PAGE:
UConn’s strength is their back court?: That’s at least the way that it looks after UConn’s first game against Columbia. Jeremy Lamb lived up to the all-american hype, putting up 30 points on 11-17 shooting, while Shabazz Napier was just as good, finishing with 21 points, eight assists and six boards. The two combined for six steals. Alex Oriakhi and Andre Drummond, on the other hand, combined for just two points and nine rebounds. Drummond attempted a single shot in 12 minutes. As good as Napier and Lamb looked, they played a 36 and 38 minutes, respectively, against Columbia. The Huskies are going to need more balance — and depth — this season.

Duke and Belmont: Duke has some major issues they need to address this season. Austin Rivers is ridiculously talented but will make plenty of freshman mistakes this year. Seth Curry is a knockdown shooter, as if Andre Dawkins, but the best point guard — and perimeter defender — on the roster is Tyler Thornton. How does Coach K get him into the lineup? Duke’s big men have put up some solid numbers early, but are we ready to assume that the Plumlees are more than just the Plumlees and Ryan Kelly is better than a sixth or seventh man? But more than anything, what you should have taken out of Belmont’s one-point loss to Duke at Cameron Indoor is that the Bruins are going to be a team to reckon with in March. In other words, Belmont is legit. Memphis, you have been warned.

Who is the best team in the Pac-12?: It certainly doesn’t look like UCLA at this point. The Bruins looked awful in a loss to Loyola Marymount, as Josh Smith is clearly not in shape and their guards look better suited to playing at Cal. State Northridge. Arizona is dealing with their fair share of issues as well. They struggled against Valparaiso and Duquense before having to come back from a double digit deficit against Ball State. The Wildcats lack an interior presence and are trying to identify their go-to scorer and starting point guard; Josiah Turner lost his starting job after missing a shootaround and didn’t play on Sunday against Ball State. Oregon’s loss at Vanderbilt looks worse after Vandy lost to Cleveland State, and Washington has struggled against two inferior opponents. That leaves Cal. So are the Bears really the favorite in the Pac-12?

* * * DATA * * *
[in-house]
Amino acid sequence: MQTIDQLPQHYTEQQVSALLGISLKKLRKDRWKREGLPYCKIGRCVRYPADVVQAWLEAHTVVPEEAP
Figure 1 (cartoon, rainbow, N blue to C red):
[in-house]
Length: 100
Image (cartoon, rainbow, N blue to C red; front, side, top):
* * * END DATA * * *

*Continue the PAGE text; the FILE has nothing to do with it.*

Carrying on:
Matchups of the Week (all times eastern):

– 11/14 7:00 pm: UCF @ Florida State
– 11/14 8:00 pm: Oakland @ Alabama
– 11/14 9:00 pm: Detroit @ Notre Dame
– 11/14 10:00 pm: Nevada @ UNLV
– 11/15 12:00 am: Washington State @ Gonzaga
– 11/15 12:00 pm: Belmont @ Memphis
– 11/15 2:00 pm: SDSU @ Baylor
– 11/15 7:00 pm: Champions Classic — Duke vs. Michigan State and Kansas vs. Kentucky
– 11/15 8:00 pm: Florida @ Ohio State
– 11/15 8:00 pm: Bucknell @ Vanderbilt
– 11/16 9:00 pm: Long Beach State @ Pitt
– 11/17 1:00 pm: Purdue vs. Iona
– 11/17 7:00 pm: Texas A&M vs. Mississippi State
– 11/19 2:00 pm: Louisville @ Butler
– 11/19 6:30 pm: Vanderbilt vs. NC State

Rob Dauster is the editor of the college basketball website Ballin’ is a Habit. You can find him on twitter @ballinisahabit.

Kansas and Kansas State end rivalry game in fight

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Kansas and Kansas State erupted into a fight on Tuesday night.

The Jayhawks were closing out an 81-60 Big 12 home win over their in-state rivals. Things got heated when the buzzer sounded.